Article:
Russian wheat aphid warning for the west

WESTERN Australian grain growers have been urged to start monitoring crops for Russian wheat aphid (RWA), which is already active this season.
Russian wheat aphid warning for the west Russian wheat aphid warning for the west Russian wheat aphid warning for the west Russian wheat aphid warning for the west Russian wheat aphid warning for the west

Russian wheat aphids need to be monitored in Western Australia. Picture courtesy Agriculture Victoria.

Staff writer

There have been several reports to the Department of Primary Industries and Regional Development (DPIRD) PestFax service of RWA in the Esperance district, as well as Mount Madden, Lake King, and Mount Barker through to Borden and Williams.

Research scientist Svetlana Micic said DPIRD was undertaking surveillance for the pest throughout the grainbelt to monitor its spread and assist growers' preparations to protect crops.

Micic said RWA sightings to date had been in volunteer barley, barley and wheat crops.

"In most cases, aphids have been found around crop edges in fairly low numbers below action thresholds," Micic said.

"We've learnt in the past few years that this pest survives on a wide range of grasses and has a preference for barley grass.

"Crop monitoring by landholders and surveillance by the department will help us to determine the extent of spread of the pest in WA and what actions are required."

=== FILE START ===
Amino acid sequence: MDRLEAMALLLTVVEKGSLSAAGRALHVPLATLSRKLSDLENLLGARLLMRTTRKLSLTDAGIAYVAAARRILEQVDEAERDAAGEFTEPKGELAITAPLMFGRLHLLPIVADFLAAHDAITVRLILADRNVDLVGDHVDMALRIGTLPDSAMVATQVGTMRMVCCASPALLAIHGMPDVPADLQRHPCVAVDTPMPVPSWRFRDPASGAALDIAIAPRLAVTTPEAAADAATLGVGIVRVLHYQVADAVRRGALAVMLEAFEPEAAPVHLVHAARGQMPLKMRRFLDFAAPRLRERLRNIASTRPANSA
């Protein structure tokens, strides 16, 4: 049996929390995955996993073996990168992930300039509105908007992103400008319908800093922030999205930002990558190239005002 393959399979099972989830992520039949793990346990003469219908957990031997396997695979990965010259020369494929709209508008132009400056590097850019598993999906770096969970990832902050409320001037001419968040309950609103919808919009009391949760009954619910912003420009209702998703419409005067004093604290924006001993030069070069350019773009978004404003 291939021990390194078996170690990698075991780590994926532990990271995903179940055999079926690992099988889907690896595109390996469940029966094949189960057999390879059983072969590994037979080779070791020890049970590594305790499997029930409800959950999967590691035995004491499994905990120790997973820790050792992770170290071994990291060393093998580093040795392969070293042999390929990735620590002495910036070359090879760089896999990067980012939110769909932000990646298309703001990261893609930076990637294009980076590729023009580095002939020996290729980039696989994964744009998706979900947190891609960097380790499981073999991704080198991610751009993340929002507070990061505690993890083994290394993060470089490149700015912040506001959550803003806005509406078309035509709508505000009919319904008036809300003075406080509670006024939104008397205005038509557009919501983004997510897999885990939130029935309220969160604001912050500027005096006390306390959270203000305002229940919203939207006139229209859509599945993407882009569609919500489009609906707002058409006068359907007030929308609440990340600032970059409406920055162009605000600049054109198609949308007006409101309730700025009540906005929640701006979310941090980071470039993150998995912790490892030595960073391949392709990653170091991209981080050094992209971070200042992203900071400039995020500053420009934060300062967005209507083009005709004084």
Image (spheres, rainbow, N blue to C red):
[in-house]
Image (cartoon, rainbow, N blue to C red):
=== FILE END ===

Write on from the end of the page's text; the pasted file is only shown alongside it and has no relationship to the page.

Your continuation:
A research investment by the Grains Research and Development Corporation (GRDC) in the eastern states has found maximum aphid densities are expected to occur between a crop's booting and ear emergence stage and that populations can double every 35 days until ear emergence.

RWA has become established in grain growing regions across Australia, after it was first detected in South Australia in 2016.

"We now know that crop seedlings with heavy infestations can have their growth stunted with tillers lying almost parallel to the ground," Micic said.

"Later infestations of this pest can have a larger impact on yields as they can cause the flag leaf to curl, which can trap the awn and prevent the head from completely emerging and results in grain that does not mature properly."

RWA is manageable and there are a range of treatment options. An action threshold calculator available on the DPIRD website:

"The action threshold for this pest depends on the cost of control, the cereal market price, the yield potential and estimated time until ear emergence," Micic said.

"To determine the number of aphids in a crop it is best to walk in a ‘w' pattern through the crop, noting the number of aphids per tiller every few paces.

"Consider surveying the paddock in more than one section and counting at least 100 tillers in each section.

Observations of RWA, including photographs, can be also be reported to the DPIRD PestFax Reporter app:

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